What Causes Tracking Problems When Reading?
A common presenting complaint to our clinic is a child who is having “tracking problems”. This phrase is used to describe a variety of issues from those related specifically to reading, but sometimes writing and copying. Symptoms related to tracking problems are described in different ways:
- losing place while reading
- omitting small words
- accidentally re-reading a line just read
- skipping words or even whole lines
- poor reading fluency
- use of a finger, bookmark or similar to keep place while reading
Persistent issues with tracking might lead to frustration, avoidance and for some, the development of a strong dislike for reading.
Losing place may be normal from time to time as a children develop their reading skills. When tracking becomes a more persistent issue, then it becomes a matter of working out whether its a problem with reading, a vision problem or both. Vision problems that interfere with keeping place on the page can often be relatively simple problems. Ruling out vision as a contributing factor is an important.
When Can Vision Cause Tracking Symptoms?
The visual system is highly involved in the reading process from early letter/word recognition and visualisation of the meaning of the text. But there are a few basic and common visual dysfunctions that impact on tracking. These are:
- Oculomotor Skills
These skills should work automatically once learnt, and should need little conscious effort to maintain single, clear sight while moving your eyes accurately over a page. When these functions are not working well, however, you need to start to borrow concentration or attention to maintain them. This occurs sometimes at the expense of reading fluency and/or accuracy. Severe cases may cause blur or doubling of vision, but your brain normal fights to avoid these symptoms. Again it is the “fight” that deteriorates performance, concentration and attention.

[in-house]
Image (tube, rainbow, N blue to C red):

Put simply, it doesn’t matter what the quality of child’s education is, if they can’t easily and comfortably maintain accurate fixation on the page, there is an increased chance that they will suffer will interference to optimal learning.
Tracking problems can also be associated with another visual problem, called Irlen Syndrome or Visual Discomfort, which is a condition that can create negative symptoms while is treated with tinted lenses. While Irlen Syndrome has been linked to dyslexia, no such link truly exists. In many cases the symptoms of Irlen Syndrome are often found to be related to visual dysfunction.
Visual dysfunction diagnosis requires rigorous assessment of the person’s ability to maintain, clear and comfortable vision at near distances. If an exam covers little more than sight, prescription and eye health, it is less likely to detect the problem. Our optometrists can assess babies, infants, children and adults. 07 5520 5900